Sunday, January 22, 2012

I still remember the first time I realized that a guy thought I was cute.

Then I thought maybe it was a joke, or he was on drugs.

It happened back when I was in college. My self-esteem was incredibly low then...or, more nonexistent, because it had been so slowly chipped away throughout middle and high school. And when you’re told you are ugly every day, or made to feel it, for years on end, you just start believing it. I had no reason to think differently.

So it wasn’t only the idea that someone found me attractive that blew my mind, but that I could be something other than ugly. I had believed it was just a simple, permanent fact that that’s what I was, and there was no changing it. And then someone was defying that, going against everything I’d heard for so long, and showing me another option.

The problem there, though, was that the belief that I was not ugly didn’t exist because I believed it, but because someone else did. So once again, my self image and view of myself came from other people, albeit in a different way. It’s only really been in about the last five years that I have grown confident about my appearance, on my own, without validation or approval from others.

The thing that I realized is that whether you hate your body or love your body, if either one of those things is fueled by what other people are telling you, then it’s not coming from you—it’s coming from them, and they still have the power. I didn’t want that. I wanted to be the one with that power, the one in control of my feelings about myself, because I spent so much of my life powerless and feeling like I had control over nothing.

So it feels good to be able to look into the mirror these days and think, “You know what? I am pretty darn cute.” Cause now, even if no one else thinks so, I don’t need the reminders. Because I am the reminder.

Saturday, January 21, 2012

Cinnamon Stick.

That sweet-smelling spice that stirs into the froth.

I remember when my hair was down to my waist. It was when I smelled cinnamon in my grandmother’s house, the air rife with it at Christmas with gingerbread men baking in the oven.

The pajamas are scratchy, all heavy and cuffed, with a long zipper running up the front. The bottoms of the feet are padded, whispering under me as I walk from room to room.

The tree is blue. Ribbons, ornaments, white lights strung elegantly from top to bottom. The angel is on top. Everything is breathing, and the plastic on the table squeaks under my fingers. Plates of red, yellow, olive green pass through my mind, eyes flying open as the grainy crunch of warm bread fills my mouth.

I never ate much. It was always about the presents, the tearing, the ripping, the grabbing, the heart leaped up hard in the back of your throat, stomach gurgling with anticipation. Yet whatever lived inside those ornately wrapped packages is a mystery to me. I just see her face, pink lipsticked lips, short brown hair. And her smile. A grandmother’s protecting smile.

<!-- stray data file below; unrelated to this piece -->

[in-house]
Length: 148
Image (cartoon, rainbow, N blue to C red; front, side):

The pieces lie fragmented—sharp shards tossed askew on the open plain of my memory. I keep trying to put them back together. To reassemble that place, that last refuge of a lonely child. Where I was safe.

Where I wasn’t where I am now, which is the last place safe can ever be.

Sometimes, It Helps When I Write

It’s cold. My right hand more than my left is full of chill, and the soles of my feet. A fluffy robe is no match for winter’s aim. No matter how much I try to get warm, it stays the same. I’m running out of time, running out of air, of breath and wind and socks and pleated skirts that fall over your thighs just so.

Milk feeds me, with a plate of warmed cookies for eating. My worn knuckles bend and crack slightly as I grip the glass, trying to hold on. That’s all I’ve been doing—trying to hold on. Where they can’t get me. Here, I thought I was safe. Here, away from blues and purples and those uncomfortable chairs that make your back ache.

I’m getting this out. Out, out damned spot and stripe and zig-zag, zig-zags on zebras who live behind their own set of bars and hooves clawing into the dirt. Their skin must be so soft, covered in coarse hairs. So are we, but we shave ours off. That’s why we’re naked.

Blood is the color of my fragrant sun, shining heavy and heated above burning the skin of my face, even in the coldest days. I’m not waiting to fall apart, not holding my breath, cheeks puffing bigger and bigger, not for them, not ever. I breathe. I live. For me.

For a future that doesn’t have them written in it.

That’s where I am going.